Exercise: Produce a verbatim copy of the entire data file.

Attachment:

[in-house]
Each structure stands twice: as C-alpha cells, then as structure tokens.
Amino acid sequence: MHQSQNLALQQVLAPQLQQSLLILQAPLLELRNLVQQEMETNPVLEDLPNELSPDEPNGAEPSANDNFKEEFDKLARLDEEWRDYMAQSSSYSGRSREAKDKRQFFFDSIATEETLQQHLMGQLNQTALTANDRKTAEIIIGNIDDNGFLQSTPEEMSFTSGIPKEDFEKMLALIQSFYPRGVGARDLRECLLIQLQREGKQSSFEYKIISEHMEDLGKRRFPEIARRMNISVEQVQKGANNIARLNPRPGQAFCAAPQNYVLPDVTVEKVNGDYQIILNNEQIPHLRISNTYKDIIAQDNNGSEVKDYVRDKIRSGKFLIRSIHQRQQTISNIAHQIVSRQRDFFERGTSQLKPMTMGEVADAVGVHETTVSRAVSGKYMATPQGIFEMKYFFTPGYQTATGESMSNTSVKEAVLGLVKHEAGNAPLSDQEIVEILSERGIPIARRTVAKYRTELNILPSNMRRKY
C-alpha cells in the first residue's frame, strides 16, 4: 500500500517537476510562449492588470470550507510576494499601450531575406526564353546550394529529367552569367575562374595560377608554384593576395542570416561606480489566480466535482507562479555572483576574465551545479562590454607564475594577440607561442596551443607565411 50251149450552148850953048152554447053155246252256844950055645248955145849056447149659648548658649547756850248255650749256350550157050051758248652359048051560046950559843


[in-house]
Each structure stands twice: as C-alpha cells, then as structure tokens.
Amino acid sequence: MHQSQNLALQQVLAPQLQQSLLILQAPLLELRNLVQQEMETNPVLEDLPNELSPDEPNGAEPSANDNFKEEFDKLARLDEEWRDYMAQSSSYSGRSREAKDKRQFFFDSIATEETLQQHLMGQLNQTALTANDRKTAEIIIGNIDDNGFLQSTPEEMSFTSGIPKEDFEKMLALIQSFYPRGVGARDLRECLLIQLQREGKQSSFEYKIISEHMEDLGKRRFPEIARRMNISVEQVQKGANNIARLNPRPGQAFCAAPQNYVLPDVTVEKVNGDYQIILNNEQIPHLRISNTYKDIIAQDNNGSEVKDYVRDKIRSGKFLIRSIHQRQQTISNIAHQIVSRQRDFFERGTSQLKPMTMGEVADAVGVHETTVSRAVSGKYMATPQGIFEMKYFFTPGYQTATGESMSNTSVKEAVLGLVKHEAGNAPLSDQEIVEILSERGIPIARRTVAKYRTELNILPSNMRRKY
C-alpha cells in the first residue's frame, strides 16, 4: 500500500517537476510562449492588470470550507510576494499601450531575406526564353546550394529529367552569367575562374595560377608554384593576395542570416561606480489566480466535482507562479555572483576574465551545479562590454607564475594577440607561442596551443607565411 50251149450552148850953048152554447053155246252256844950055645248955145849056447149659648548658649547756850248255650749256350550157050051758248652359048051560046950559843